holy driver is offline   Reply With Quote
Old 05-11-2009, 01:08 AM   #2
Tour de Franzia
iTrader: (6)
 
hustler's Avatar
 
Join Date: Jun 2006
Location: Republic of Dallas
Posts: 29,114
Total Cats: 351
Default

good grounds on the coil? Swap coils and see what happens.
hustler is offline   Reply With Quote
Old 05-11-2009, 01:34 AM   #3
Junior Member
iTrader: (4)
 
Join Date: Oct 2006
Location: Alberta Canada
Posts: 228
Total Cats: 5
Default

Is it possible you have a little too much bump in the timing?
Alta_Racer is offline   Reply With Quote
Old 05-11-2009, 01:58 AM   #4
Newb
 
Join Date: Jun 2007
Posts: 10
Total Cats: 0
Default

I have the same situation here. It happens after hot restarting the car. Especially when IAT is high. Everything run fine if I start the car in cold, even until it run hot.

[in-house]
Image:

Actually the lean AFR can be tuned out with the "coolant related air density settings". But the AFR will be unstable and running stumble even if I have a good AFR (like misfiring) after hot restart.

I have tested unplugging the IAT sensor to start the car and re-plugged it. Then situtation improved.

I start suspecting if the MS take the initial IAT value to do any other calculation. Anyone have the same experience or could anyone explain this please?

My setup is silmilar as well:
rebuilt '94 motor with FM 9:1 piston
NGK BKR7E plugs gapped at .032"
MSPnP 94/95 w/ 10g HiRes and closed loop idle
AEM UEGO
RX-7 460cc injectors
FFS Supercharger

I have good ground on coil, MS and o2 sensor. Although I'm suspecting if I have a weak coil but it run fine when starting in cold.
ckkcmx5 is offline   Reply With Quote
Old 05-11-2009, 02:01 AM   #5
Senior Member
iTrader: (2)
 
Join Date: Jun 2006
Location: Springfield, NJ
Posts: 670
Total Cats: 0
Default

Quote: